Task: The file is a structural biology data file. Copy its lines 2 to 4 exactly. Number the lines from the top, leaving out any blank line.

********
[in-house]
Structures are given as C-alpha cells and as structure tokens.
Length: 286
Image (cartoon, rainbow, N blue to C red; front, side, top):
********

Structures are given as C-alpha cells and as structure tokens.
Length: 286
Image (cartoon, rainbow, N blue to C red; front, side, top):